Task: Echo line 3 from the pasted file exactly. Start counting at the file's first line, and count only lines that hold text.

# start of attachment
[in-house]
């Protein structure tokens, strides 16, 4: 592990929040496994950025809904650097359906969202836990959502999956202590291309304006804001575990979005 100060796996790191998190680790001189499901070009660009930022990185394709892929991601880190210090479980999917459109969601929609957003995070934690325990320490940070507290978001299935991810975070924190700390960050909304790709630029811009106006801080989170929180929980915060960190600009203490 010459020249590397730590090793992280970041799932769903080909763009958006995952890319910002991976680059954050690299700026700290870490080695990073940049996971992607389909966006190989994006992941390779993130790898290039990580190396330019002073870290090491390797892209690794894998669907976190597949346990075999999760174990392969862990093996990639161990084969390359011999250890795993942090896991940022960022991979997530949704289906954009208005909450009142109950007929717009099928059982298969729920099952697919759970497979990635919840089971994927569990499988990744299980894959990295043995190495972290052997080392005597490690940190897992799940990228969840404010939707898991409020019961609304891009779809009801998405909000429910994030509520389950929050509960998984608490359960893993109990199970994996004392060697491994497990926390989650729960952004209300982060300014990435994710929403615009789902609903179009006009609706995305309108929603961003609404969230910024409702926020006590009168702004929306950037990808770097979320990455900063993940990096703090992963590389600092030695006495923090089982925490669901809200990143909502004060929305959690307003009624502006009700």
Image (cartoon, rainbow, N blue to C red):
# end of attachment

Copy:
Image (cartoon, rainbow, N blue to C red):